Only this circular motion isn’t futile. Like Proust, Nelson believes in an insistent, writerly engagement with the past because, she suggests, that’s how we experience life and is the only way to draw insight from it. “[W]hat we are is only a vestige of where we have been,” she writes of a family gathering, “the clunky manifestation of an abstract set of memories, and even these are made up, an experiment.”
Indeed, the stories we tell ourselves about the past are always in a sense “made up,” even when they don’t contradict the facts (a boundary some memoirists have unwisely crossed). Each attempt to shape those bald facts into a story is an act of creation, an experiment. And Nelson’s particular experiment is a sneaky, stunning success.
"If Only You People Could Follow Directions" by Jessica Hendry Nelson, Counterpoint, 256 pages. $25.
The original print version of this article was headlined "All Directions Home"
The last time I see Jordan he is tending bar at a club called Woody’s, which is tucked into an alleyway near the Delaware River, the gayborhood, we called it, south of the Avenue of the Arts. If we stayed within a six-block radius, we could pretend the whole world was a carnival, and love and sex and rainbows were free and in abundance, an edible candy land like Willy Wonka’s factory. We used to come here when we were young and bored. We liked to watch the boys float around the dance floor. Bisexual angels, all glitter and pomp. There were moments of transcendence here, too, when the neon light struck a silver crescent on the cheekbone of some man-boy, his face upturned and his arms thrown back and slick with sweat. One night we met a man who dressed in tunics and spoke in pastels. “He speaks in pastels!” we told each other, on account of the drugs, but also because of the way the strobe lights reflected off his tongue. He wore his hair in two long black braids that slid over his shoulders like ribbons.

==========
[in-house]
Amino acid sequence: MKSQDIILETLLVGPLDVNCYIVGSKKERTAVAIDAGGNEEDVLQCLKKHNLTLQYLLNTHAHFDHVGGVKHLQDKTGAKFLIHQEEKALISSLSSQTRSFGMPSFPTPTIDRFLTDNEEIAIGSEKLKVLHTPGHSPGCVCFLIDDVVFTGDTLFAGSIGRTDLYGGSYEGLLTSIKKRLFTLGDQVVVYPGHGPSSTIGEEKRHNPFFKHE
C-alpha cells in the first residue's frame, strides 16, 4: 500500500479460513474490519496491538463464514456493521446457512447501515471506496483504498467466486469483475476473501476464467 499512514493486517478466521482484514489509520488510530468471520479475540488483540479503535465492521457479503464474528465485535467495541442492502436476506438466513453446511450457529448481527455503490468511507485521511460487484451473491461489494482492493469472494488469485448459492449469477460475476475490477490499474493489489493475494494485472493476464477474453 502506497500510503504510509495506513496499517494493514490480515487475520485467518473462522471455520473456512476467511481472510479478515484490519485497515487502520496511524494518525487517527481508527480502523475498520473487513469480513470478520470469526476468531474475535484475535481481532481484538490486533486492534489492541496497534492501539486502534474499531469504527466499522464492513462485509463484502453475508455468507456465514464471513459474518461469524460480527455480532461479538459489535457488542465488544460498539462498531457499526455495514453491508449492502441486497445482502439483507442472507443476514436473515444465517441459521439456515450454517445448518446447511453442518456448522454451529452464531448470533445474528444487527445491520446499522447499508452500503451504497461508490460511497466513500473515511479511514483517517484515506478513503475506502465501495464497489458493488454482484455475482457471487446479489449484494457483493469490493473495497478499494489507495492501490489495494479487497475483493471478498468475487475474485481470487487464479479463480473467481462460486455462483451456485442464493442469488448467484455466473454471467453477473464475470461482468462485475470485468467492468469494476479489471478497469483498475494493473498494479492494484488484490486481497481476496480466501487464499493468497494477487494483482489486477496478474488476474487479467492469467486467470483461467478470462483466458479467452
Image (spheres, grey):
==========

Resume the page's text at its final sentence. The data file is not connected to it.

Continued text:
We loved him instantly, though for different reasons, and followed him everywhere that night, hiding behind the felt partitions and whispering fantasies that again involved desert fires and a guitar, this modern-day Indian chief our own personal deity now, some munificent daddy sent to show us the way. If Jordan’s fantasy involved the lure of sexual tutelage, mine was just the opposite. I was after the press of the paternal, some utterly chaste discipline I sought out everywhere, anywhere. The truth is, we were vulnerable in those days, our minds all sweet and custardy from too many drugs, overwhelmed by the theater of the senses. We made a good show of normalcy when we needed to, but most of the time we retreated into our own basement novella and held on for dear life.